Forum: Thoroughly bankrupt Illinois
March 22, 2013 10:44PM
Updated: April 25, 2013 7:14AM
Illinois is only the second state in our country’s history to be accused of fraud by the U.S. Securities and Exchange Commission for misleading bond investors about the serious financial shortcomings of its pension plans from 2005 to 2009. Illinois has neither admitted to or denied these findings, but this is another serious blow to the state’s shattered reputation.
The state’s pension funding crisis did not appear overnight. It took years of neglect and abuse by political leaders from both parties, such as Edgar, Madigan, Jones and Blagojevich to name a few. They allowed the state for decades to inadequately finance its five pension systems.
The politicians are still in denial and want to blame and punish the greedy state workers, including teachers, who faithfully paid their share of their pensions while the state did not. The funds would be solvent today if the state had likewise paid its share annually.
There are a few pension reform plans before the Legislature, most of which call for various sacrifices by the employees, including delayed or reduced benefits, and are of questionable constitutionality. An agreement does not seem near.
The state of Illinois must learn to live within its budget and that it cannot take money designated for existing programs to create new ones that it cannot otherwise afford. It cannot continue to overspend and not pay its existing obligations.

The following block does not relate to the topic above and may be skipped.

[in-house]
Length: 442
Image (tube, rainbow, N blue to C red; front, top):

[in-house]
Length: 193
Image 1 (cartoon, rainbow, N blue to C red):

If our state government were a business, its executives would be fired, if not charged with fraud and embezzlement, and the company would declare bankruptcy and reorganize. Why does the public tolerate this behavior by our politicians?
Kenneth J. Pytlik
District 117 referendum
In November, the North Palos School District 117 Board approved an April 9 referendum on a $30 million bond issue to build a new Conrady Junior High School. I voted for the referendum for several reasons.
First, as a school board member, I took an oath to provide the best educational opportunities for more than 3,100 students. We need a new junior high to continue our outstanding programs.
Renovations to upgrade and maintain the current school would cost more than building a new school, and certain problems such as narrow hallways and a limited number of classrooms would remain.
Also, historically low interest rates make this an excellent time to borrow money, and a lack of major building projects post-recession will allow the district to obtain very competitive bids.
Our District 117 community will grow and continue to be a favorable area in which to live and raise our families as long as the schools continue performing at high levels. Everyone has to make a choice regarding the bond issue on April 9. Please consider all these reasons before voting.
North Palos School District 117